Chapter 4

Prokaryotic Profiles

 

Prokaryotic cells (Prokaryotes)

Simplest cells

Lack a true nucleus and membrane-bound organelles

Usually have a rigid cell wall and all are single-celled

Include all members of Domains Archaea & Bacteria

 

Flagella

Functions in movement of the bacterium

Spins like a propeller

Made up of 3 components:

Filament

  Whip-like, helical structure made up of flagellin

Hook

  Curved structure that connects the filament to the cell surface

Basal body

  A stack of rings within the cell wall and membrane

  Anchors the hook in place but allows it to swivel

4 types of flagellar arrangements:

Monotrichous - a single flagellum

Lophotrichous - multiple flagella at one end

Amphitrichous - flagella located at each end

Peritrichous - flagella found randomly over the cell surface

Chemotaxis - movement of the cell in response to chemical signals

Positive chemotaxis – towards

Negative chemotaxis – away from

Run - movement in a linear direction

Tumble - when the cell stops and reverses direction

 

Pilus

Elongated, tubular structure involved in conjugation

The partial transfer of DNA from one cell to another

 

Fimbriae

Small, hair-like fibers that stick to each other and to other surfaces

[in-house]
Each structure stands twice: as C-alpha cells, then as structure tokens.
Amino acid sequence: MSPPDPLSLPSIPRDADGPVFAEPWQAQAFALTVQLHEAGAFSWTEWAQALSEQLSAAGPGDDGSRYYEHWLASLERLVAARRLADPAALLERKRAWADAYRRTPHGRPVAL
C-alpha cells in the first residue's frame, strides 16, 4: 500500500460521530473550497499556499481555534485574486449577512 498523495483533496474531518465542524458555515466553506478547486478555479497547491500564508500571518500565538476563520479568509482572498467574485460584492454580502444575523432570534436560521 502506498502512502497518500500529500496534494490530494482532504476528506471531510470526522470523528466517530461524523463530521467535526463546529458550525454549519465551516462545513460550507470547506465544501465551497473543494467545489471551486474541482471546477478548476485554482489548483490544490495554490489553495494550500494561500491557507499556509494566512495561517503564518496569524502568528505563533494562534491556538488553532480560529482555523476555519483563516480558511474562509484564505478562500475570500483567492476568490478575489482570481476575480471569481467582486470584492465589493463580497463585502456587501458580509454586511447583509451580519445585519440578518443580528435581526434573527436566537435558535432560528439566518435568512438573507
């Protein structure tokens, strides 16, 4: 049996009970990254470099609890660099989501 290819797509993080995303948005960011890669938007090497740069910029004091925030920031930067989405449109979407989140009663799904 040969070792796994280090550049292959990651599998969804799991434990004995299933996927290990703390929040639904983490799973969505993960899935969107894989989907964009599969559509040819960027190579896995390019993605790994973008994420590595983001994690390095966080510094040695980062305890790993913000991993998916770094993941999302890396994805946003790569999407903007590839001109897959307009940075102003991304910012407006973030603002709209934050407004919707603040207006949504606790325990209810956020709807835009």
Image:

Glycocalyx

Gel-like outer covering of some bacteria

Slime layer - diffuse & irregular structure

Capsule - distinct & gelatinous structure

Protects against host immune cells

Encapsulated bacteria have a greater pathogenicity because of this

Help adhere bacteria to its environment or other bacteria

Allow bacteria to stick to a large number of substances including tooth enamel and hospital equipment

 

Cell Wall

Provides the bacteria with structure and protection from lysis

Lies immediately below the glycocalyx

Composed primarily of peptidoglycan

composed of 2 repeating subunits bonded together to form a glycan chain:

  N-acetylmuramic acid (NAM)

  N-acetylglucosamine (NAG)

adjacent glycan chains are held together by tetrapeptide chains attached to each NAM

Penicillin prevents crosslinking of glycan chains

Lysozyme breaks covalent bonds between NAG and NAM

Gram staining categorizes bacteria based on the staining of their cell walls

 

 

Gram-positive Bacteria

Have a thick layer of peptidoglycan in cell wall

less susceptible to lysis

2 molecules (besides peptidoglycan) are commonly found:

teichoic acid – binds together layers of peptidoglycan